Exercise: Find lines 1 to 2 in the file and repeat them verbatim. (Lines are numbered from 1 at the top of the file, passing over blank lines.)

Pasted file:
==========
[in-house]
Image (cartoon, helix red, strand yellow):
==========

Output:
[in-house]
Image (cartoon, helix red, strand yellow):